by Francisco López Barcenas
The year comes to a close with bad signs for the future of the indigenous peoples, and they are not letting up. “Our communal land gives water and life to the city. We want respect for the territory, the inheritance from our grandparents.” This is how the inhabitants of Milpa Alta summed up their position in recent days in response to the attempts by Mexico City authorities to deprive them of their water to satisfy the needs of the real estate industry that is drowning it. A few kilometers away, in the municipality of Xochimilco, the residents of San Gregorio Atlapulco rose up to oppose the works to take away their water, which they have been taking care of for years, leaving them city sewage in exchange. The righteousness of the demand generated a great popular support that even put at risk the candidacy of the head of government (Claudia Sheinbaum) for the Presidency of the Republic, and they had to back down.
This is not the only place where the people are dissatisfied with the extractivist policies and megaprojects of the government of change. In the north of the country, the Mayos of Sinaloa, along with the fishermen and inhabitants of the valley of Ohuira, Sinaloa, do not relent in their efforts to stop the construction of an ammonia factory which, according to the government, would support commercial agriculture, but from the point of view of those affected, would destroy their environment and truncate their possibilities of living a dignified future. According to the government, this has already been resolved in a public consultation that was carried out by judicial mandate, but those affected do not agree because, according to them, those who should not have voted did so. It is not insignificant to insist that this project has the endorsement of the federal and state governments, who came to power promising changes to this type of policy.
A little further north, the towns that make up the Yaqui tribe, especially Loma de Bácum, insist that the Agua Prieta Topolobampo gas pipeline, which would supply gas to regional industry, not pass through their sacred territory. Their struggle is bearing some fruit because the Federal Electricity Commission has decided to modify the route so that it does not do so, but to do so they request that the protesters withdraw the injunction, but the latter, distrustful as they are, say that they will do so when the new route of the gas pipeline is defined, has the approval of the towns that could be affected, the charges are withdrawan against their compañero Fidencio Aldama, who is unjustly kept in jail, and the damages have been repaired, as recommended by the National Human Rights Commission. They do not want this to happen to them as it did with the gas pipeline, where they won an injunction, but it continues to operate.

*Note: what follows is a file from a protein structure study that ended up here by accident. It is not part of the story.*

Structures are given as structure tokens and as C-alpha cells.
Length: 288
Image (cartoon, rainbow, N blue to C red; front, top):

The winds of discontent are also blowing through the south of the country. In the Isthmus of Tehuantepec, the agrarian communities and ejidos formed the Union of Ejidos, Agrarian Communities and Agricultural Settlements as a way of confronting the onslaught of the proponents of the Interoceanic Corridor that the federal government is promoting in the region. “Today we are forming and building a movement in defense of our lands, our biodiversity, our natural and cultural resources. We are more than 28 ejido and communal representative bodies in the northern zone of the Isthmus, and it is precisely our lands that belonged to our ancestors,” they emphasized during the presentation of the new organization, while stressing that all the works that are being promoted flagrantly violate their rights.
In the midst of so much adversity, one positive sign was seen, but it was soon extinguished. The Ministry of Economy publicly acknowledged that mining companies pay almost no taxes, because that is what is determined by the onerous law on the matter, approved in the heyday of neoliberalism, and also permitted by previous governments. The Ministry’s statements did not stop there; as it also said that they were going to charge them. No sooner had it said that when the leader of Morena, the party in power, announced that its candidate for the government of the state of Coahuila will be the current senator Armando Guadiana, who is known as the King of Coal, due to his influence in that sector of the economy. As a senator, he has spoken out in defense of the current mining law, opposing any initiative to reform it.
This is a great dilemma for the self-declared government of the Fourth Transformation, trapped between its discourse, which seems to be its wishes, and the facts that prevent it from carrying them out. It was understandable that this contradiction was present in its first years, and there were even those who thought that as the years went by, when their power would be consolidated, these contradictions would end and they would show that there was no distance between their words and their deeds. That was years ago, but now the fourth year of government has ended and there is no noticeable change, at least not in key issues for the economy and the future of the country. Where changes are beginning to be noticed is in the position of the people, who in the face of so much subjugation, unfulfilled promises and violation of their rights, are no longer willing to wait.
We will see what happens in the coming year.
Originally published in Spanish in La Jornada on December 26th, 2022. https://www.jornada.com.mx/2022/12/26/opinion/014a1pol English translation by Schools for Chiapas